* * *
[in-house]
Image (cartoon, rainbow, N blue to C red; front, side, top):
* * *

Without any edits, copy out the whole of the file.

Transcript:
[in-house]
Image (cartoon, rainbow, N blue to C red; front, side, top):